As of late, I’ve spent a lot of time educating about, as well as defending, the consumptive practices of hunting and fur trapping on the modern North American landscape. For the most part, the response I get from the public at large is positive, reinforcing, rewarding, and immensely up-lifting. There is something truly special about seeing the look on a kid’s face when they get to pet a real beaver hide, or the emotional tension leave a client’s body when you properly educate them on their nuisance wildlife problem. The ability to assume the role of a valuable steward to our region’s wildlife and a hands-on conservationist is spiritually satisfying – and much more rewarding than just playing the self-reliant woods-bum I initially intended for myself.
Of course it should also be noted that for someone with a pro-trapping stance on the internet and in the public eye, I get my fair share of nasty comments, vicious emails, aggressive pot shots, and at times downright childish accusations pertaining to my way of life and (on some occasions) the validity of my own mental health. All I have to say is sticks and stones folks, sticks and stones.
It’s when these “dark times” rear their unpleasant and seemingly delusional heads that I truly question whether I am making the right decision to be raked over the bitterly hot coals of public opinion and fall on the sword for “the hook and bullet crowd” in regards to conservation stewardship. Being a voice for conservation and self-reliance is a far cry from becoming a martyr. I would prefer to avoid becoming the latter.
Fur trapping in North America is a hot-button topic – one worthy of sitting side by side with issues like politics, religion, and climate change. The only difference is the rarities in which people feel compelled to discharge such fire-bellied hate as to call for your “extinction” for coming out as a Conservative or Liberal thinker.
To make a long story short, if you’re going to be outspoken about fur trapping or predator hunting in the 21st century, you had better get your facts straight, and more importantly, grow a thick skin.
Why bother with trying to have a voice for something as controversial as fur trapping?
I get the question all the time – occasionally from like-minded individuals. The short answer I’m accustomed to furnishing is “because I care.” I care about the natural world that has surrounded me for my entire life. I care about the health and populations of the wild critters I share this landscape with. I care about the impact the human species has on the rest of our natural environment; and I care about the direction it’s headed. I also wish to share my insight of years running a wilderness trap-line, share the knowledge of animal behaviors and traits, share my experience of self-reliance and reaping my own food or fur, and share my passion for an untouched forest canopy or riverbed void of human trash and pollution. To some, this would sound like a contradiction – but try to stay with me.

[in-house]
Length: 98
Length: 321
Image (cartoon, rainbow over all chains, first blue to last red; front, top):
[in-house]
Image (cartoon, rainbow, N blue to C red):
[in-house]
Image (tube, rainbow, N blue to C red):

I’ve lived the solitary life of a recreational fur trapper for about ten years - keeping my activities (for the most part) undercover and off my lips in public settings. I trapped and skinned furbearers like beaver and muskrats, reported catch numbers and filled out yearly observation forms for the state Fish and Game Department. I alerted state biologists to environmental changes within my natural habitat, donated to conservation efforts, and purchased my licenses and firearms which aids funding to conserve these natural resources – I did it all without expecting anything in return, other than to be left alone and to see the wild landscape New England has to offer be conserved for the next generation of outdoorsmen and women.
It sometimes seems as though I was asking for too much – as the constant barrage of attacks on hunting and trapping from hordes of people who clearly “don’t get it” seem to boil up and over more and more every year. In other words, there are a lot of people in this country who can’t seem to grasp the concept of an individual being both concerned for the well-being of wildlife, and at the same time preying upon it.
Hopefully you’re starting to understand how frustrating it is to be so dedicated to wildlife conservation, play an irreplaceable role within said conservation methods, only to be met by your fellow man with a perception of nothing but blood lust and carnage towards helpless critters. Queue the pitchforks and rotten vegetable throwing. Frankly – it pisses me off; which is why I dedicate myself to write, educate and promote trapping.
Hunters and Trappers - The "OG's" of Conservation.
In the 20th century, hunters and trappers introduced the idea of conservation. A form of wildlife funding which opened the door for concepts like the Pittman-Robertson Act, and the Teddy Roosevelt era of conservation awareness – the same conservation awareness we know of today. The people behind these ideas recognized hunting and trapping – for food and fur – as an integral part of properly maintaining our natural resources and the conservation efforts for our wildlife and wild places. We knew these places and their inhabitants deserved protection from man’s modernization and progression.
How sadly entertaining it is to see man’s “progression” being used today instead to kill off these very ideas; replacing conservation with a “hands-off” approach and vilifying the hunter and fur trapper as a “cowardice trophy hunter” rather than the obvious ally to said conservation ideas.